Rules are used to limit the range of values that can be stored in a column. They are similar to CHECK constraints in this regard, but they are more limited in their functionality. A rule is considered a bound object; that is, the rule is first created, and then is bound to a column or User-Defined Datatype.
A rule, once created, can be bound to multiple columns or User-Defined Datatypes (UDTs). A rule can be useful to maintain consistency not just in a column, but in all columns and UDTs across the database to which it is bound. For example, if you require a standard format for telephone numbers, you could create the following rule:
CREATE RULE phone_rule AS @phone LIKE '([0-9][0-9][0-9]) [0-9][0-9][0-9]-[0-9][0-9][0-9][0-9]'
By binding this rule to phone number columns in your database, you can ensure a consistent phone number format. This could be taken a step further by creating a UDT called Phone and binding the rule to the UDT. When creating a column for storing telephone numbers, use the Phone datatype, and the rule automatically applies.
Rules are created using the CREATE RULE command. Rule definitions can contain anything that is valid in a WHERE clause. Managing rules involves binding them to columns and UDTs using sp_bindrule and unbinding them using sp_unbindrule. The following are some examples of creating and managing rules.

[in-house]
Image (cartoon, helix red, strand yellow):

First, the rule must be created:
--Create a rule to limit product color codes CREATE RULE ccode_rule AS @ccode IN ('r01', 'r02', 'r03')
After the rule is created, it can be bound to a column or UDT:
--Bind a rule to a column sp_bindrule ccode_rule, 'product.ccode' --Bind a rule to a UDT named color sp_bindrule ccode_rule, color
To unbind a rule, use sp_unbindrule:
--Unbind a rule from a UDT sp_unbindrule color
If you prefer to use Enterprise Manager to create a bound rule, you simply right-click Rules in the appropriate database, then select New Rule from the pop-up menu. This opens the Rule Properties dialog box, as shown in Figure 14.5. Enter a name for the rule, as well as the rule definition in the text box, and click OK. After a rule is created, this same dialog box can be used to bind the rule to UDTs and columns.
Although rules have an advantage over CHECK constraints in that they can be bound to many columns or to UDTs to provide centralized rule handling, they also have limitations.
A column or UDT can have only one rule bound to it.
A rule cannot validate against other columns in the row.
Rules are not ANSI-92 compliant.
The status of rules for future versions of SQL Server is also a concern. Microsoft refers to rules in the documentation as a "backward compatibility" feature. I read this to mean that rules won't be supported in the future, and could be dropped from future releases. The inference is that you should now use CHECK constraints where you might have used rules in the past.